The Good News

A Texas Longhorns football legend and the best two-way player Darrell Royal said he ever coached died yesterday. Tommy Nobis, a two-time All America and the only sophomore starter on the Longhorns’ 1963 National Championship team, passed away at 74. In my view, he is the greatest football player to ever wear the number 60, edging out contemporary linebacking cohort Chuck Bednarik. Nobis played both offensive guard and middle linebacker for the ‘Horns for three years, leading Texas to a 27-5 overall record and that national title. He was named All Southwest Conference twice, he was the team MVP twice, and in 1965 Nobis won the Maxwell Award as college football’s best all around player, the Outland Trophy as college football’s best lineman, and finished seventh in the Heisman vote. The expansion Atlanta Falcons made Nobis their overall number one pick in franchise history, outbidding the AFL’s Houston Oilers who also drafted him number one. And in that first NFL season, Nobis racked up an average of 21 tackles per game and won the league’s Rookie of the Year honors. He played in Atlanta for eleven years, leading the team in tackles for nine of those years, making the Pro Bowl in five of those seasons, and earning the nickname “Mr. Falcon.” From Thomas Jefferson High School in San Antonio to the College Football Hall of Fame and the cover of Life Magazine and the Falcons’ Ring of Honor, Tommy Nobis was the consistent picture of rich character, immense talent, and deep loyalty. God bless Tommy Nobis and his family.


There’s a difference between advice and news. Advice is concerned about what you should do; news is a report about what’s already been done. Advice tells you to make something happen; news tells you something’s already happened and compels you to respond. Advice says it’s all up to you to act; news says someone else has already acted.

Let’s say there’s an invading army coming to town and they’re bent on killing all of you and destroying everything you have. What you need is advice. You need advisors. You need someone to explain, “OK, we need to dig the trenches down here and put the snipers up there. We need to move our troops in that direction and place the tanks over in this direction. We need to do these things to be saved.”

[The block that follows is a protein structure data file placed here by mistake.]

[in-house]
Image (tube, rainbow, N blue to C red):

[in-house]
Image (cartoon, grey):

But what if a great and powerful king intercepts the invading army and destroys it? What does the town need then? You don’t need advisors, you need messengers. And the Greek word for messengers is angelos: angels. And these messengers don’t say, “Here’s what you need to do to be saved.” They say, “I bring you good news of great joy that’s for all the people! Today in the town of David a Savior has been born to you. He is Christ, the Lord!”

In other words, “Stop running, stop hiding, stop building fortresses, stop stockpiling weapons. Stop trying to save yourself! The King has already done it! The King has come to save you!”

Something has happened, something has been done, and it totally changes everything.

Glory to God in the highest, and on earth peace to all people!


The Light of Life

We’ve posted the video from last month’s 4 Amarillo Thanksgiving worship service on our church website here. If you were a member of the combined choir, there are some really good shots throughout of you singing — some up close! You might especially check out the 5:30 mark where we sing “When We All Get to Heaven,” highlighted by all four worship ministers singing a middle verse as a quartet. Kevin Schaffer leads the choir and congregation in the closing song, “By Our Love,” at the 49:00 mark. And my 21-minute sermon — yes, 21- total minutes! — is at the 28:00 mark. What a wonderful, wonderful night. I praise God for the unique fellowship and undeniable witness of our four churches and for the distinct honor to serve right in the middle of it.


You know, light isn’t really what we see; light is the very element by which we see everything else. You walk into a dark room and flip the switch, you don’t really see the light as much as you see the coffee table leg that’ll kill your toes and the edge of the wall that’ll take out your kneecap. The light allows you to see reality, to see what’s really happening.